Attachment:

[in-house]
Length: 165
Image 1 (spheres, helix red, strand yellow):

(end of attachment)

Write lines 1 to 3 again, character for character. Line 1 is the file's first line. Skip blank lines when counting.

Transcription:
[in-house]
Length: 165
Image 1 (spheres, helix red, strand yellow):